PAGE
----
October 2nd, 2017
As has widely been reported, Equifax, one of the 3 credit major credit reporting bureaus was hacked and 143 Million people's personal information including SSN, birthdate, credit card numbers and more were lost. That means roughly half of the people in the United States are affected.
So, what now? Here are a few helpful things that you can do.
Equifax is offering a free year of Trust ID, their identity theft protection program. But, be aware: enrolling in the program prevents you from participating in a class-action lawsuit against Trusted ID, but doesn't prevent you from participating in lawsuits related to the cyber-attack.
You can check your credit once a year for free at www.annualcreditreport.com. Review your credit report for any accounts that you don't recognize and make sure that the balances for your existing accounts are correct.
Your banking and credit card companies offer fraud alert protections. Some of these services are offered for free and others are offered at a small monthly fee. Contact your bank and credit card companies to see what they offer and how they can help protect you.
One of the most reliable ways to prevent someone from opening credit accounts in your name is to place what's called a "credit freeze." For just a few dollars, you can freeze your credit at each of the 3 major credit bureaus. But keep in mind when you need to open a new credit account (credit card, auto loan, personal loan or mortgage, etc.) you will have to temporarily unfreeze your credit first.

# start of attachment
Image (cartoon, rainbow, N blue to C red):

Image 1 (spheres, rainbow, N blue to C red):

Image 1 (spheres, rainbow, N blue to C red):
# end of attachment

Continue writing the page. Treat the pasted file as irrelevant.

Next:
To freeze your credit, contact each of the credit bureaus online or by using these phone numbers:
The process is usually automated and can be completed within a few minutes. Just be sure to write down your PINs in a secure place - you'll need them when you want to unfreeze your credit.
If you want to get pre-approved for a loan, click here to begin the application process, or call us directly to discuss your situation. Rates are still good right now - but they are expected to start going up soon.